Older Drivers Must Act as Role Models for Younger Generations

As manufacturers continually work to add new safety measures to modern vehicles—many of which are almost completely computerized in terms of sensors and maintenance—and as traffic safety education is emphasized to the public, you would think that the risks involved in driving (or bicycling or motorcycling or walking!) would be much less today. Unfortunately, the same old reasons (and often deadly ones) are often cited for crashes: speeding and reckless behavior, driving while under the influence of drugs or alcohol, and ignoring traffic rules—along with ignoring stoplights and stop signs. This is disappointing, especially considering how much information is available to educate travelers today—along with the known consequences for such negligent behavior.

Children are usually fascinated with driving, and eager to get behind the wheel as soon as possible—usually in play, whether they have a tricycle or one of the child-sized play cars or SUVs that are so popular today. Because of that, it is important to discuss traffic safety with your kids from an early age. And as with so much in parenting, being a good role model can sometimes be difficult—but it is critical to passing on good driving skills later.

Distracted driving is the number one cause of accidents in the US, and again, it can be difficult to avoid. With the plethora of smartphones and accompanying apps available—not to mention emails and calls dinging and ringing in—just one tiny electronic device that fits into your hand can be responsible for catastrophic damage on the road. You may preach ‘no texting and driving’ or extoll on the dangers of never taking your eyes off the road, but as children and teens get mixed messages on what is really happening in the car—they may very well choose the behavior that suits them best while driving—and that could mean practicing poor judgment, especially in heavy traffic.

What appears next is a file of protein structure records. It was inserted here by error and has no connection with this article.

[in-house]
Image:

Driving while drowsy, or much worse, while under the influence, is another very important area for leading by example. No-tolerance policies are best—and with that, it means skipping that tempting (but potentially dangerous) bottle of wine while out to dinner—and driving everyone home with a completely clear head. Road rage, speeding, and excessive multi-tasking should obviously be avoided, but as you become a parent you may see a few bad habits that have developed over the years being pointed out by the younger ones.

If you have been injured in a car accident due to the negligence of others, contact the attorneys at Heintz & Becker. We’ve helped victims from Bradenton, Sarasota, and all over Florida get compensation for their damages and medical expenses after accidents. Call us for a free consultation now at 941-748-2916 or contact us online. We are here to help!

All blogs are written on behalf of Heintz & Becker for informational purposes. These articles should not, however, be considered legal advice, or in any way responsible for creating an attorney/client relationship.